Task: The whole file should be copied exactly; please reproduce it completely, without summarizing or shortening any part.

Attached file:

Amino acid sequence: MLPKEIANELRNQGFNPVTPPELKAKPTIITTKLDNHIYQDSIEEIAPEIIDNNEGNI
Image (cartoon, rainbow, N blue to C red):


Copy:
Amino acid sequence: MLPKEIANELRNQGFNPVTPPELKAKPTIITTKLDNHIYQDSIEEIAPEIIDNNEGNI
Image (cartoon, rainbow, N blue to C red):